So, I think the rule is simpler: this has little to do with crypto per se; just don't be unnecessarily clever, in general. Crypto makes the consequences particularly nasty, often. But that's about it.
Now, however, "don't roll your own crypto" is dogma, and if anything we have the opposite problem of monoculture and slow progress. I think a more nuanced view is required, one that encourages experimentation when the stakes are low and more competing implementations when the stakes are high (or perhaps we should call them "complementing" - a standard ought to have multiple implementations).
As Wikipedia puts it, "Mathematical analysis of [security] protocols is, at the time of this writing, not mature... Protocol design is an art requiring deep knowledge and much practice; even then mistakes are common." How are programmers to practice, if they are not allowed to fail?
(and no that's not what this attack does in reality, but just a logical framework for understanding why the images don't matter)
Is this the first hash function which went from "secure" to collision-as-a-service in a matter of days? Was sha1 particularly weak, or the published research particularly strong? or maybe something else?
But I wasn't expecting that google's 110 GPU-year work meant that we could create colliding PDFs on demand.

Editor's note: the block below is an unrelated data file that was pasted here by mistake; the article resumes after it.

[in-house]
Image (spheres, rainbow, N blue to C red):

Usually its when we hit "It's broken" that average Joe developer/operator/etc starts to form their migration plan, and usually they have some time before the attack becomes reasonable to execute outside of pure research / "nation state" attacks.. It seems that block of time was just a few days (a day?!) for SHA1.
And it's that, even if we're talking about an easy to abuse format like PDFs apparently are, that makes me question what just happened? Was sha1 secretly terrible? was the research just that good? or was there some other factor that allowed this to happen?
Also, sure, the major browsers have a date for SHA1 as a TLS signature hash retirement.. But SHA1 is used for a whole pile of other stuff with absolutely no transition plan! January 1st was absolutely never going to be the last day people used SHA1.
If you want to dedicate a few hundred GPU-years to it, you could generate similar colliding prefixes for other formats by doing what Google did.
So basically H1 and H2 have the same SHA1 hash. By adding suffix I1I2 to both you get H1I1I2 and H2I1I2. That's the length extension.
This is really a terminology question. I had a clear understanding of "length extension attacks" but it seems on this comment page people are using something else now. I've been looking over crypto.stackexchance and twitter to see if I missed the memo but this looks like a new usage.
Is it? How? It's a simple case of length extension, just that here, since we have two independent starting points sharing the same state, we start with a collision and we extend to a collision.
In other words, these are two length extensions on independent prefixes. It just happens that these prefixes share the same state / hash, hence the surprising result (on a first glance).
Installer.py and Installer-evil.py are both valid seed data for Installer.torrent ...
> identical-prefix collision attack, where a given prefix P is extended with